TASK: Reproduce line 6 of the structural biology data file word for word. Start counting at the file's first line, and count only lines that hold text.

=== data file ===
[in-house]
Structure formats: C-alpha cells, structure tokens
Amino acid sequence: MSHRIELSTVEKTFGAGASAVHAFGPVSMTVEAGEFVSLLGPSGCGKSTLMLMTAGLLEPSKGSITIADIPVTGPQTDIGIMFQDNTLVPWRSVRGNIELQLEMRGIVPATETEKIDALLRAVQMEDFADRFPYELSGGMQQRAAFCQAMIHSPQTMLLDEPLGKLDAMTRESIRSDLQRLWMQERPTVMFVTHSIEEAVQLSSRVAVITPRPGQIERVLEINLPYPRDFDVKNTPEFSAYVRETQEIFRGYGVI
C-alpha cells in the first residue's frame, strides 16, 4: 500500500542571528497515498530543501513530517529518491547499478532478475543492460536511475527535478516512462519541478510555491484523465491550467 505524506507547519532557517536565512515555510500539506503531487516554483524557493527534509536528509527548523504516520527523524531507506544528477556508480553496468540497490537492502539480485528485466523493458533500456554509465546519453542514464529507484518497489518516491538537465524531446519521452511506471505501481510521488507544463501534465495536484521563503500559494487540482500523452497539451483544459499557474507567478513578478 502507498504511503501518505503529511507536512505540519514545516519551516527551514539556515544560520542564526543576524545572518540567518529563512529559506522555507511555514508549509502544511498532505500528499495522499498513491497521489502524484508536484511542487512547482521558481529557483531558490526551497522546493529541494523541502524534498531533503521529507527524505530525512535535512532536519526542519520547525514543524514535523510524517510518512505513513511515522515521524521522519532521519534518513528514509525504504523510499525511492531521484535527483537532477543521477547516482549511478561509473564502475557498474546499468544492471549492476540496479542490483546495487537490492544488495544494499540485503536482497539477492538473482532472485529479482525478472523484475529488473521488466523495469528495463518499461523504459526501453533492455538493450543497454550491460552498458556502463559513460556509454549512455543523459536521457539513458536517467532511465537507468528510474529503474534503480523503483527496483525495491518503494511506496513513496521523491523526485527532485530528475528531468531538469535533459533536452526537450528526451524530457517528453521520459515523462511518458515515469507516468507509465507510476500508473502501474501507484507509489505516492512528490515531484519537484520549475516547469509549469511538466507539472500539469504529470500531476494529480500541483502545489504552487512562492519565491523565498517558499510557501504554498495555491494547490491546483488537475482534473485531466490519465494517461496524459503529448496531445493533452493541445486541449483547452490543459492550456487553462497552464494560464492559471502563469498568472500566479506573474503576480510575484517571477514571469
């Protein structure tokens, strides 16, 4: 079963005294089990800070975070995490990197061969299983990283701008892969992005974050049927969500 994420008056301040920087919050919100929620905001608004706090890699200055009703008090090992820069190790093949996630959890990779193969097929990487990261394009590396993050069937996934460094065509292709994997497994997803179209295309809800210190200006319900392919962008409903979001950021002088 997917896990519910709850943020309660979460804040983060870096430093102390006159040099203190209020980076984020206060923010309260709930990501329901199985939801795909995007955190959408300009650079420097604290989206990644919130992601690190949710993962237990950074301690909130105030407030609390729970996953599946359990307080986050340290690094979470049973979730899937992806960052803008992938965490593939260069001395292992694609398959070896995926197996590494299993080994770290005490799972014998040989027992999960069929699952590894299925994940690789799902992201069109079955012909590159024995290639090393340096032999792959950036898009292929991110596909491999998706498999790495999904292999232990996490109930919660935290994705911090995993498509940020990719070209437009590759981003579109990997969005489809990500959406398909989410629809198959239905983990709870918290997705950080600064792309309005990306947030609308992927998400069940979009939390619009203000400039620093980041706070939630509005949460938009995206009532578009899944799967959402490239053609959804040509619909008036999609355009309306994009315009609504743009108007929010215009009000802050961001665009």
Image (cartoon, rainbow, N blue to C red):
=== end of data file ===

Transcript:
Image (cartoon, rainbow, N blue to C red):